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Paternal nicotine enhances fear memory, reduces nicotine administration, and alters hippocampal genetic and neural function in offspring

Published Web Location Commons 'BY' version 4.0 license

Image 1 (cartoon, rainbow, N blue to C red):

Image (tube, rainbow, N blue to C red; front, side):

Nicotine use remains highly prevalent with tobacco and e-cigarette products consumed worldwide. However, increasing evidence of transgenerational epigenetic inheritance suggests that nicotine use may alter behavior and neurobiology in subsequent generations. We tested the effects of chronic paternal nicotine exposure in C57BL6/J mice on fear conditioning in F1 and F2 offspring, as well as conditioned fear extinction and spontaneous recovery, nicotine self-administration, hippocampal cholinergic functioning, RNA expression, and DNA methylation in F1 offspring. Paternal nicotine exposure was associated with enhanced contextual and cued fear conditioning and spontaneous recovery of extinguished fear memories. Further, nicotine reinforcement was reduced in nicotine-sired mice, as assessed in a self-administration paradigm. These behavioral phenotypes were coupled with altered response to nicotine, upregulated hippocampal nicotinic acetylcholine receptor binding, reduced evoked hippocampal cholinergic currents, and altered methylation and expression of hippocampal genes related to neural development and plasticity. Gene expression analysis suggests multigenerational effects on broader gene networks potentially involved in neuroplasticity and mental disorders. The changes in fear conditioning similarly suggest phenotypes analogous to anxiety disorders similar to post-traumatic stress.

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